Astrophysics: Gravity and Orbits

Astrophysics: Gravity and Orbits

  • Gravity is a force that pulls objects towards each other. The more massive an object is, the stronger its gravitational pull.

  • The force of gravity between two objects depends on two things: the masses of the objects and the distance between them.

  • Sir Isaac Newton’s Law of Universal Gravitation states that every particle in the universe attracts every other particle with a force that is directly proportional to the product of their masses and inversely proportional to the square of the distance between their centres.

  • The gravity of the Sun keeps the planet in their orbits. The balance of the gravitation pull and the inertia (or the resistance to change in motion) of the planets results in an elliptical path around the Sun.

  • The orbit of a planet around the Sun, or a satellite around a planet, is not a perfect circle. It is an ellipse, or oval shape. The Sun or planet being orbited is at one of the two foci of the ellipse.

  • The closer a planet is to the Sun, the stronger the Sun’s gravitational pull and the faster the planet moves in its orbit.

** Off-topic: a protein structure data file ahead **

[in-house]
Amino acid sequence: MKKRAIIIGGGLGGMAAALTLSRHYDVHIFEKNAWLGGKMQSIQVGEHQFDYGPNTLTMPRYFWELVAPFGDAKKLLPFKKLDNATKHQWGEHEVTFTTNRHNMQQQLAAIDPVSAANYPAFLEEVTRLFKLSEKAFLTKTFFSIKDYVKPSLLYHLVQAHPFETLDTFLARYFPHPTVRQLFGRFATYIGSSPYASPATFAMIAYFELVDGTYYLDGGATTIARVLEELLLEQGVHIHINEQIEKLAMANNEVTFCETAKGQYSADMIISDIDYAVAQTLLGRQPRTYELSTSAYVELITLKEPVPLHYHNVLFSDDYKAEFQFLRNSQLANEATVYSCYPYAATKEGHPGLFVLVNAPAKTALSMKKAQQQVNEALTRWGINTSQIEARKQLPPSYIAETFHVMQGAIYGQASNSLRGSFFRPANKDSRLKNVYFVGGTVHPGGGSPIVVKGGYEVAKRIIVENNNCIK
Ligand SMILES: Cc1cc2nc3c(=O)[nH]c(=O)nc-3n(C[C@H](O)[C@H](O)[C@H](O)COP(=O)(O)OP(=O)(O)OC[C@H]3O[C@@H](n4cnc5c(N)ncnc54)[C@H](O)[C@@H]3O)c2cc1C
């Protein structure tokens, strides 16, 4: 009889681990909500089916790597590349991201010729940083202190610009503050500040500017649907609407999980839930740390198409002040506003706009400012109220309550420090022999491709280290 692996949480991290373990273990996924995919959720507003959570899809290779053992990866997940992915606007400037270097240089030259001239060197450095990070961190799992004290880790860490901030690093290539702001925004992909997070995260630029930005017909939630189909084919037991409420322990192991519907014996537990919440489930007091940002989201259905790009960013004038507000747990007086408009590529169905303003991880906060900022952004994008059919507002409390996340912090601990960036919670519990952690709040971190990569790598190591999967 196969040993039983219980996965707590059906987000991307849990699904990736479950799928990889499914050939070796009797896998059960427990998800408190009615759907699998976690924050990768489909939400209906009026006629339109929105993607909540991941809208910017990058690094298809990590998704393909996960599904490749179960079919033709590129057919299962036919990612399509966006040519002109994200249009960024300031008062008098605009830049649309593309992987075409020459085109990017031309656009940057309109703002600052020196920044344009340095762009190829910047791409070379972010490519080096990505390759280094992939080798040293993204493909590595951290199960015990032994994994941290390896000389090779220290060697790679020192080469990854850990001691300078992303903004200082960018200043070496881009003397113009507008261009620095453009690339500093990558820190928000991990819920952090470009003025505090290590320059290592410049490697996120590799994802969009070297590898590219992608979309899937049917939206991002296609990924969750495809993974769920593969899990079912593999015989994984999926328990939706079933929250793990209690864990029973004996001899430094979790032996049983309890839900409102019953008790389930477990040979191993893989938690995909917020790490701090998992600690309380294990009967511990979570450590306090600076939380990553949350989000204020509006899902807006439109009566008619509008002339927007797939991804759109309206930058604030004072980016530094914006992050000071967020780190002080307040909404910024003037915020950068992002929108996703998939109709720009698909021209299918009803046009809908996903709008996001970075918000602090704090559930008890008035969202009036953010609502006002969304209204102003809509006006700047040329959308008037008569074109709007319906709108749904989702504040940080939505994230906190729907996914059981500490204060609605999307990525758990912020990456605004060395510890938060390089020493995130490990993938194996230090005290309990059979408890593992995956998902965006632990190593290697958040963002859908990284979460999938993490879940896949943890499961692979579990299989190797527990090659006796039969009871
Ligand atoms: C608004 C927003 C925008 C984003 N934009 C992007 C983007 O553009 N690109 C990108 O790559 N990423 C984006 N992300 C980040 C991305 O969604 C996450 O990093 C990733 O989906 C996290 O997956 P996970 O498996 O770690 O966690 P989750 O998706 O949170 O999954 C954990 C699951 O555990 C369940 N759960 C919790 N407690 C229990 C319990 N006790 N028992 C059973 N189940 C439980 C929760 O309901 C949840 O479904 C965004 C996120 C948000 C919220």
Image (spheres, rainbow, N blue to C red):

• Kepler’s First Law, or the Law of Ellipses, states that each planet orbits the Sun in a path called an ellipse with the Sun at one focus.

  • Kepler’s Second Law, the Law of Equal Areas, details that a line that connects a planet to the Sun sweeps out equal areas in equal times.

  • Kepler’s Third Law, the Law of Harmonies, compares the orbital periods and radii of the orbits of different planets.

  • Astrophysics involves measuring the gravitational forces between celestial bodies to understand their movements and interactions. This information can then be used to predict future movements and understand the history of the universe.

  • When an object is in orbit, it is actually falling towards the object it’s orbiting, but it’s also moving forward fast enough that it keeps missing it. This is what’s known as freefalling.

  • The Moon orbits Earth because of the pull of Earth’s gravity. The Moon’s inertia - its tendency to keep moving in a straight line at a constant speed - would carry it straight off into space if there were no gravity to hold it in its orbit.

  • Tides on Earth are caused by the Moon’s gravity pulling on the Earth. This causes the sea to bulge out in the direction of the Moon. The bulge on the other side of the Earth is caused by the Earth being pulled away from the sea.

  • The gravitational force between Earth and an object becomes less as the object is taken further away from Earth. This is why there is no gravitational pull in space.